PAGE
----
Expatriate Owl

A politically-incorrect perspective that does not necessarily tow the party line, on various matters including but not limited to taxation, academia, government and religion.

Wednesday, January 11, 2006

IRS Problem Number 4

Nina Olson, the National Taxpayer Advocate, submitted her 2005 Report to Congress on 31 December 2005. It discusses 21 of the most serious tax problems afflicting the taxpayers. They are all serious, but, without in any way negating or detracting from the gravity of the other 20, this posting will spotlight Problem Number 4, the training of the private debt collectors who will shortly be engaged by the IRS to help collect the revenue.

The American Jobs Creation Act of 2004 permits (and indeed, encourages) the IRS to engage hired guns to help collect the taxes. Conceptually simple and straightforward, but it presents several practical problems that, in my humble opinion, our congresscritters didn't fully appreciate when they enacted it into law.

Ms. Olson is concerned, quite appropriately, that the hired guns might not fully comprehend the tax laws and, in their ignorance and/or zeal, might severely compromise the taxpayers' rights. The IRS itself understands that it is a problem, but is much less cautious than Ms. Olson about the potential pitfalls of implementation.

After reading Ms. Olson's well-written analysis of Problem Number 4, my own concerns and observations, in no particular order, include (but are not limited to) the following:

1. The IRS is not liable to the taxpayer for collections contractors' acts and omissions [I.R.C. ยง 6306(d)]. This should give you pause even if you are not a rocket scientist. Even the fact that the hired guns are personally liable for their damages gives only small reassurances at best.

2. The hired gun tax collectors will be paid a percentage of what they collect. At first blush, this should present few issues. After all, almost all commercial collection agencies and collections attorneys are compensated on a percentage contingency fee basis, which gives them incentive to maximize the dollars collected for the creditor. There supposedly will be safeguards to ensure that the hired gun collectors do not violate the taxpayer' rights; indeed, they specifically are not permitted to do anything forbidden to an IRS employee on the official IRS payroll. What concerns me is the organizational cultural conflicts, because it is illegal to evaluate IRS employees based upon dollar collection results. The IRS already has problems ensuring that this rule is honored; bringing on the hired guns can only further complicate the situation.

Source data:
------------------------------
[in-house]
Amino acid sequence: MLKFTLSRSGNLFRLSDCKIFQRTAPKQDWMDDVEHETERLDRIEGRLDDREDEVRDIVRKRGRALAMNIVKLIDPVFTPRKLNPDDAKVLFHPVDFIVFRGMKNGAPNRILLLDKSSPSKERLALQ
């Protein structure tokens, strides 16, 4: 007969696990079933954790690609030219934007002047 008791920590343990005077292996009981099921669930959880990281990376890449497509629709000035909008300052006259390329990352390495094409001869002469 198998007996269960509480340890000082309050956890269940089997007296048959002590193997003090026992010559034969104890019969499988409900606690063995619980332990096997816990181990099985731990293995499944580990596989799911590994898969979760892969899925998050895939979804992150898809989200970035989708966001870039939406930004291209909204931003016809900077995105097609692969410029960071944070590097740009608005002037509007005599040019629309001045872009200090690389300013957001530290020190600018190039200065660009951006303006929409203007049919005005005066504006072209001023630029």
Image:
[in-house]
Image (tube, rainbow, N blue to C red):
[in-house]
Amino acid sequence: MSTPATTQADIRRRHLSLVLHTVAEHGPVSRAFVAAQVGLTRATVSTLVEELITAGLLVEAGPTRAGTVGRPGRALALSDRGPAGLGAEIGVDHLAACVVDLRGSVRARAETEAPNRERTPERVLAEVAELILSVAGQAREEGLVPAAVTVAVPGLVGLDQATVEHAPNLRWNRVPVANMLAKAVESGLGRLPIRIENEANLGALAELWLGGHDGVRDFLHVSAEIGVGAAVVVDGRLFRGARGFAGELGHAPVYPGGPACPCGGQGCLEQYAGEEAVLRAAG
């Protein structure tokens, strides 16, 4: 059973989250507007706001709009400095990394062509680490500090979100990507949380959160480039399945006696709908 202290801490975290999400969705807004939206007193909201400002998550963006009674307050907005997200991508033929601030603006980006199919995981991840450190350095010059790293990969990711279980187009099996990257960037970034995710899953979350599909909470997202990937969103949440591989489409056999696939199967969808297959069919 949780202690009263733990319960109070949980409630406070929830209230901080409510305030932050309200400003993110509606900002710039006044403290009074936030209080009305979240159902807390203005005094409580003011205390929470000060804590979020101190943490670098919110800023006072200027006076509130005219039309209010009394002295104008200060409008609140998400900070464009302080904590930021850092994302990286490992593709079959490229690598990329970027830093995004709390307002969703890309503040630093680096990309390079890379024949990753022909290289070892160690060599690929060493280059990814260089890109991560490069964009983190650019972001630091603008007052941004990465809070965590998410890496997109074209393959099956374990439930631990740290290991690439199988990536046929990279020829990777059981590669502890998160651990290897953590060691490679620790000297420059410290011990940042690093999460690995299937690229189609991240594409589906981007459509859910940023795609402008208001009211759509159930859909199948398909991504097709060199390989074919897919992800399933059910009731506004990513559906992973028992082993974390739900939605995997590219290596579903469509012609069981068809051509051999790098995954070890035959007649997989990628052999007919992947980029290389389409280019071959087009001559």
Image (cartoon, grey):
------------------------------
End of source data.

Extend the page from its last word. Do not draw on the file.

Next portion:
3. [Parenthetical historical note: Under the Income Tax Act of 1862, revenue collectors were compensated on a commission basis.]

4. It has been tried before! King Louis, preoccupied has he was with his partying at Versailles, also saw fit to farm out the tax collection function to the high bidder. These private tax collectors were more abusive by far than Louis's men ever could be. The public did not take too well to those abuses, and the result was the Reign of Terror, when blood flowed in the streets of Paris, and lots of people (including Louis and Marie Antoinette) lost their heads.

5. The following recent incidents are noted:

A. Carolyn R. Harris, who was the manager of the IRS's Refund Inquiry Unit in Kansas City , was indicted for stealing refund checks and for accessing taxpayer information about her boyfriend's ex-wife.

B. IRS Revenue Officer William Koskos took bribes from the principal of the entity whose back taxes he was supposed to be collecting.

C. IRS mail clerk Shawnda E. Schmidt was indicted for stealing the taxpayer remittance checks out of the envelopes, and giving them to her brother to cash (her brother pleaded guilty for his part in the scheme). This one is particularly troubling because the checks, in all likelihood, were not timely posted to the accounts of the taxpayers involved. It is not difficult to imagine the consequences of this to the taxpayers involved.

D. IRS employee Michael Sapp illegally accessed taxpayer information and sold it to identity thieves, who then used the info to file fraudulent tax refund claims with the IRS.

E. At his retirement party, IRS Special Agent Greg Heck publicly disclosed information which should have been kept confidential regarding a criminal tax investigation.

F. Other IRS employees have pulled shtick of a similar nature.


As matters currently stand, the IRS has more than a just single isolated problem with its own boys and girls committing fraud, abusing the taxpayer rights, and other misdeeds which compromise the integrity of the tax system. If the IRS cannot control its own employees, what makes anyone think that they will be able to control the hired gun tax collectors?

Like Karl Marx's analysis of the economic systems, it may well look good on paper, but there will be some very serious -- and possibly insurmountable -- practical problems in making the system work.

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